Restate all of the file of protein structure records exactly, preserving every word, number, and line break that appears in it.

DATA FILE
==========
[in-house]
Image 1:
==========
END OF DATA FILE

[in-house]
Image 1: